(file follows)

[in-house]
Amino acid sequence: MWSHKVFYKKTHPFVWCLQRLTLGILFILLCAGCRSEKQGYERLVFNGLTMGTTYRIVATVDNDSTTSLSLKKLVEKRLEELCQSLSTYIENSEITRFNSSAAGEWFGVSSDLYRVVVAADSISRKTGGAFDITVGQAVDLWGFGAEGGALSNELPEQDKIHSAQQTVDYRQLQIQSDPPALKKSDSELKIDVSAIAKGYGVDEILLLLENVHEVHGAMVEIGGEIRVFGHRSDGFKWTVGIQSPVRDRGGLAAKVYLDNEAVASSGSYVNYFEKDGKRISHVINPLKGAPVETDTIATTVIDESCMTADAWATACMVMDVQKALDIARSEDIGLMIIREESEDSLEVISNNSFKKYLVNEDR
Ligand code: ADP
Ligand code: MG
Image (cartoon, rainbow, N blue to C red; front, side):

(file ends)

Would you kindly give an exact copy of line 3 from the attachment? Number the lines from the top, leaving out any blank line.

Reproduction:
Ligand code: ADP